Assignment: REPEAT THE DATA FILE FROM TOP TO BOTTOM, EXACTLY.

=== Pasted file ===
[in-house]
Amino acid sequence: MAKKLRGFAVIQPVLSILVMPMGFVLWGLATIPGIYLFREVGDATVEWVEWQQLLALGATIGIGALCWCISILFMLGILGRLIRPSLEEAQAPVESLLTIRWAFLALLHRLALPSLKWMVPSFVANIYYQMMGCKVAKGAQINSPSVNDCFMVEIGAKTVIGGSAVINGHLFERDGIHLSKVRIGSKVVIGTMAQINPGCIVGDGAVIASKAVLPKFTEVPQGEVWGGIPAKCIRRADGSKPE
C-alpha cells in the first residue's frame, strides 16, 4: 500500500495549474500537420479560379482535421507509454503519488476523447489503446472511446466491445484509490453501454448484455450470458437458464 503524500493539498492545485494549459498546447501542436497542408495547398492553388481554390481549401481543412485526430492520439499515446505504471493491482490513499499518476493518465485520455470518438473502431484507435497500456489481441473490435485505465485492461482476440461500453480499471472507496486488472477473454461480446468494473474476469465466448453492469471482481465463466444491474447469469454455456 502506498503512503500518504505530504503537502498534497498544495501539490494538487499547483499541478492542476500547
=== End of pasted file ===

[in-house]
Amino acid sequence: MAKKLRGFAVIQPVLSILVMPMGFVLWGLATIPGIYLFREVGDATVEWVEWQQLLALGATIGIGALCWCISILFMLGILGRLIRPSLEEAQAPVESLLTIRWAFLALLHRLALPSLKWMVPSFVANIYYQMMGCKVAKGAQINSPSVNDCFMVEIGAKTVIGGSAVINGHLFERDGIHLSKVRIGSKVVIGTMAQINPGCIVGDGAVIASKAVLPKFTEVPQGEVWGGIPAKCIRRADGSKPE
C-alpha cells in the first residue's frame, strides 16, 4: 500500500495549474500537420479560379482535421507509454503519488476523447489503446472511446466491445484509490453501454448484455450470458437458464 503524500493539498492545485494549459498546447501542436497542408495547398492553388481554390481549401481543412485526430492520439499515446505504471493491482490513499499518476493518465485520455470518438473502431484507435497500456489481441473490435485505465485492461482476440461500453480499471472507496486488472477473454461480446468494473474476469465466448453492469471482481465463466444491474447469469454455456 502506498503512503500518504505530504503537502498534497498544495501539490494538487499547483499541478492542476500547